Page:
Well that man brought it all on himself, didn’t he, straying off the straight and narrow, instead of keeping focussed on the holy city, the Jerusalem of this parable, turning his face towards Jericho, the oldest city in the world, representing every city with its fleshpots and decadence?

There is another way of reading this parable, however. It is the way it was read by the early Fathers of the Church, a way of reading it for almost 1,500 years, a way that it is still read in the Orthodox Church.

The man who goes down from Jerusalem to Jericho is Adam, or humanity, each and every one of us.

Jerusalem is the holy city of God, but also symbolises God’s future plans for us.

Jericho, the oldest city the world, symbolises the oldest earthly pleasures.

On the way, the man loses his freedom, becomes captive to his passions, wounded by sin, so incapable of prayer and worship that on the road of life he has become spiritually half-dead, stripped of his virtues, left without the cover of God’s grace and protection.

The man wounded by robbers represents fallen humanity before the coming of Christ.

The Priest and the Levite, ministers of God, represent the saints and prophets sent by God from the beginning of time, before Christ’s coming.

They saw the plight of humanity, lying on the road. Moses came by, Elijah came by, other prophets came by, but the illness of humanity remained without being healed.

Only God who has created us can recreate us. God humbles himself and becomes human, takes on our human flesh, in the incarnation. It sounds so unlikely, so impossible, it is like imagining a Jew becoming a Samaritan, one of those in the territory between Judea and Galilee, between Jericho and Jerusalem.

Indeed, the Pharisees mockingly labelled Christ a Samaritan, saying, ‘Are we not right in saying that you are a Samaritan and have a demon?’ (John 8: 48).

Christ humbly attributes to himself the name given to him by his detractors.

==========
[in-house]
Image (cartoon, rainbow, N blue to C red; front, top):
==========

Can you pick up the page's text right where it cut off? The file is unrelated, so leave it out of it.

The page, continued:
The Samaritan binds up the wounds of wounded humanity, pours oil and wine on them: oil symbolises mercy and wine the true teaching of God. He then brings us to an inn where we can be taken care of.

The Gospel says that the Good Samaritan ‘put him on his own animal, brought him to an inn, and took care of him.’ However, in traditional icons, Christ carries the man on his own back. Christ in the incarnation takes on our human nature, our soul and body. That is why in the parable he ‘set him on his own beast,’ interpreted by the Early Fathers that Christ makes us members of his own body.

There is a similar image in the parable of the Lost Sheep (see Luke 15). When the Good Shepherd finds the lost sheep, he puts him on his shoulders, rejoicing.

The inn represents the Church, the innkeeper the bishops and priests. Christ establishes his Church which, like an inn, accepts and provides shelter for all. The wounded man should stay here to be taken care of. The Samaritan has to leave, however. He takes out two silver coins and gives them to the innkeeper, saying: ‘Take care of him; and when I come back, I will repay you whatever more you spend.’

Christ indicates his second coming, he will return.

The silver given to the innkeeper is the divine grace Christ gives to the Church; it heals and saves souls through the sacraments. Bishops and priests, the ministers of the sacraments of the Church, are the distributors of God’s gifts and freely-given grace for the lost and the outcast and those of us who have fallen by the way.

In this reading of the parable of the Good Samaritan, Christ offers himself as the prime example of mercy and compassion. Through his compassion, he takes on our sufferings and becomes the true neighbour of all fallen humanity.

This is a reading of this parable that connects with Saint Paul’s reminder this morning that God through Christ ‘has rescued us from the power of darkness and transferred us into the kingdom of his beloved Son’ (Colossians 1: 13).